Going vegan has never been as easy or accessible as it is now. There are vegan-friendly options at restaurants, there’s vegan fast-food, vegan sports nutrition, and plenty of vegan athletes who are happy to provide encouragement and information about this way of life.
Vegan runner Matt Frazier, author of NoMeatAthlete, stresses that vegans shouldn’t restrict their calories. When you remove animal products from a normal diet, it takes away the densest source of calories from a runner’s diet, so it’s important to make sure you’re getting enough calories. For example, if you’re used to a chicken Caesar salad and remove the dressing, cheese, chicken and croutons, you’ve taken away all the calories — and who can eat that much romaine lettuce? Make sure that for every animal product you subtract, a fat or protein substitute is swapped in.
Whether you’re thinking about going vegan or have been vegan for years, here are five simple tips and recipes from vegan runners who’ve been thriving on a plant-based diet:
1. USE THE RIGHT TOOLS
“You don’t need a bunch of fancy kitchen tools,” says Frazier. His top suggestions include a high-quality knife (because you chop a lot of veggies), a high-powered blender for smoothies, sauces and soups, and a cast-iron skillet to make easy single-pan meals. Beyond that, toys like a spiralizer to make vegetable noodles, are just fun extras. It’s good to know that a healthy vegan diet doesn’t require a massive kitchen makeover and a countertop covered in gadgets.
2. KEEP IT SIMPLE
Frazier emphasizes that the best meals are often the simplest ones — and when he’s planning a meal, he just uses the heuristic of “grain, bean, green,” to make a dish. For example, he’ll make a soup with rice, lentils and spinach. To optimize flavor, he’s a big fan of spices, with turmeric and cumin seeds being his two favorites.
READ MORE > 5 AMAZING VEGETARIAN RECIPES FOR ATHLETES
3. FOCUS ON WHOLE FOODS DURING A RUN
“I love dates, and for longer runs, I’ll stuff a Brazil nut in for some extra protein,” says Frazier. He adds that the straight glucose of the date is basically nature’s own gel pack, and a fresh, soft one is delicious — and doesn’t require packaging.
Add in electrolytes as well: “I suggest to anyone who’s planning to run a marathon or a similar distance run that when the weather is hot, bring along small salt packets, and add them to their mid-run beverage to replenish electrolytes,” says vegan runner and blogger Alina Zavatsky. “This helped me big time during my latest marathon, and my recovery was a breeze!”
4. PACK NUTRIENTS INTO SMOOTHIES
If you’re a runner who is constantly on the go, you can cram a ton of nutrients into your morning smoothie. Zavatsky swears by this nutrient-dense breakfast smoothie.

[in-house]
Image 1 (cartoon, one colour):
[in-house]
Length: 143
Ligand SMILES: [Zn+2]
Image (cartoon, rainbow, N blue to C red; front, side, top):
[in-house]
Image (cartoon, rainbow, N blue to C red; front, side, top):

1 big leaf kale, thick stem removed (or 1/2 cup packed fresh spinach)
1 carrot, peeled
1/2 inch piece ginger root
4 tablespoons rolled oats
1 tablespoon nut butter (I use my homemade peanut butter)
1 tablespoon raisins
1 teaspoon chia seeds
1 teaspoon ground flax seed
4–5 frozen strawberries
1/2 cup almond milk
1/4 cup or more water (or 1 small cucumber)
Dash of cinnamon
Optional add-ins for an even healthier smoothie:
1/2 teaspoon light miso paste
1/4–1/2 teaspoon wheatgrass
1/4–1/2 teaspoon spirulina
1–2 tablespoon dark cocoa powder
Up to 1/2 cup frozen fruit or berries (I like blueberries)
Put the ingredients into a high-powered blender. Blend everything until smooth, about 2–3 minutes, depending on your blender. Stop halfway to check the flavor and add more of any ingredient to your taste (add more raisins/prunes to make it sweeter). If it’s too thick, add more almond milk or water. Once it’s smooth, pour into a glass and enjoy. Makes 1, 16-ounce serving.
Nutrition (per serving): Calories: 434; Total Fat: 18g; Saturated Fat: 3g; Monounsaturated Fat: 8g; Cholesterol: 0mg; Sodium: 215mg; Carbohydrate: 62g; Dietary Fiber: 16g; Sugar: 25g; Protein: 11g
5. RELY ON MEAL-SIZED SALADS
“Lunch is always a huge salad — and I mean huge. You’d get it to share with someone as a dinner,” says Tara Mayo, a vegan ultra-runner in Vermont who started with 5Ks and now tackles ultra-marathons and teaches yoga on the side. Her base is greens and shredded beets, carrots and tomatoes, but she adds fats — usually a whole avocado — and protein — often in mashed chickpea or hummus form — to give it a higher calorie content. Sunflower seeds also make an appearance for added crunch.
She tries to avoid processed food (though she won’t beat herself up over the occasional pretzel) and says one of the biggest mistakes new vegans make is skimping on the calories.